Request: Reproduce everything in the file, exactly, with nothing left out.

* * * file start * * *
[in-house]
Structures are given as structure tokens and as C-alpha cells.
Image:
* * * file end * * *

[in-house]
Structures are given as structure tokens and as C-alpha cells.
Image: